The configuration of a package is shown in FIG. 4 specifically. As shown, the lead frame 16 has inner leads 58 which are connected to a chip 60 by wires 62. The distance or gap k between nearby inner leads 58 is decreasing to meet the demand for a multi-pin, fine pitch lead arrangement. This prevents the tips of the leads 58 from bring brought close to the chip 60 due to limitations in respect of frame machining technology. As a result the wires 62 connecting the leads 58 and chip 60 have a substantial length. However, it is likely that such long wires 62 are entrained by the resin which flows during the formation of a package. The resulting deformation of the wires 62 often exceeds the allowable limit. FIG. 5 illustrates the deformation of the wires 62 specifically.
In the light of the above, Japanese Patent Publication No. 41980/1991 proposes a mold having a gate provided with a shutter mechanism. Specifically, as shown in FIGS. 6A and 6B, a gate 64 has the same width and the same depth as a cavity 66. A shutter 68 is located at a position where the gate 64 adjoins the cavity 66. The shutter 68 is mounted on an ejector plate 70 and held in an unblocking position before the injection of a resin. After a resin has been injected into the cavity 66, the shutter 68 blocks the gate 64 due to the elevation of the ejector plate 70, while leaving a gap between it and a lead frame 72. However, this kind of approach is disadvantageous for the following reasons. Since the shutter 68 is moved in the oblique direction to form a part of the cavity 66, a complicated drive mechanism is needed. Moreover, an advanced technique is needed in guiding the shutter 68 in such a direction.
To eliminate the above problems, Japanese Patent Laid-Open Publication (Kokai) No. 13037/1987 teaches an arrangement wherein a shutter is driven in the vertical direction, as shown in FIG. 7. As shown, a mold is made up of a lower mold 74 and an upper mold 76. After the two molds 74 and 76 have pressed a lead frame 78 therebetween, a resin is poured into a transfer pot 80. Then, a plunger 82 compresses the resin and injects it into a cavity 86 from the pot 84. Subsequently, a shutter 90 is caused to protrude by a driving device 88, thereby removing the resin existing at a gate 92. However, the drawback with this implementation is that a drive source for the plunger 82 and a drive source for the shutter 90 have to be built in the upper mold 76 and lower mold 74, respectively, complicating the arrangements of the coactive molds 74 and 76. Moreover, the two drive sources increase the cost of the mold. In addition, the shutter 90 cannot be driven unless it is connected to a cylinder included in a sealing device. Therefore, when the kind of products is changed, such a mold needs a longer period of time for replacement than the other kinds of molds.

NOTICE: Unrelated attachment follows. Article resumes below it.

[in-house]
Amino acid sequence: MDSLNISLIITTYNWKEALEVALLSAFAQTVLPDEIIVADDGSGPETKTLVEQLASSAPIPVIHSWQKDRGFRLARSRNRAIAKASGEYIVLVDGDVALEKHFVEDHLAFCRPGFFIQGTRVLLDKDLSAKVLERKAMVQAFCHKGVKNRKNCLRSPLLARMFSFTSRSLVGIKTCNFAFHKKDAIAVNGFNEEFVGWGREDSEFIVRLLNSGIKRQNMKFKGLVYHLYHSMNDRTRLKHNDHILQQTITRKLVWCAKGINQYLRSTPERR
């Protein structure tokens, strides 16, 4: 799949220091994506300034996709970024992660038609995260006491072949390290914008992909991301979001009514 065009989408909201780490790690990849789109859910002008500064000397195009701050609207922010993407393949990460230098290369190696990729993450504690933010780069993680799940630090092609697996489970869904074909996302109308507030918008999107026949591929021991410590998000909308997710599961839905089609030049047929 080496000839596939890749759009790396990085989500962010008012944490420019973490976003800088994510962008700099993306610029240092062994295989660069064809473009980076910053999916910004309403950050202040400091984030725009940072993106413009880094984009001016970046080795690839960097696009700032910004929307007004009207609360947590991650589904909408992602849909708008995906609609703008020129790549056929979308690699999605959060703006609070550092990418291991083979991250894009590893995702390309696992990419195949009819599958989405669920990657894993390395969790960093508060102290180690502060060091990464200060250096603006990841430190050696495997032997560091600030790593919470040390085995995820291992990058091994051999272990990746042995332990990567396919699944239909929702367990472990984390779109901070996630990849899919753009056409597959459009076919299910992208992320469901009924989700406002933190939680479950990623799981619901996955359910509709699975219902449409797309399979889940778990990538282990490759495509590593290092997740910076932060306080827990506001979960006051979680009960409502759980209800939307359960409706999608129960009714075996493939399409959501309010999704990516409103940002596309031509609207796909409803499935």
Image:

Referring to FIGS. 8 and 9A-9D, a metal mold embodying the present invention is shown. In the figures, constituent parts functioning in the same manner as the parts shown in FIG. 1 are designated by the same reference numerals, and a detailed description will not be made to avoid redundancy. As shown, the mold has a gate 26 serving as a resin inlet port, a cavity 24 for forming a package, and a shutter gate pin 100 forming a part of the gate 26 and a part of the cavity 24. The shutter gate pin 100 is studded on a shutter plate 102. A knock-out rod 104 causes the shutter plate 102 to move up and down and causes the shutter gate pin 100 to open and close the gate 26. A support bolt 106 forms a part of the shutter plate 102 and adjusts the depth y of the gate 26, i.e., the size of the resin inlet port. The support bolt 106 moves the shutter plate 102 up and down to locate the shutter gate pin 100 at a desired position, thereby changing the depth y of the gate 26. As a result, the flow rate of a resin flowing through the gate 26 is adjusted.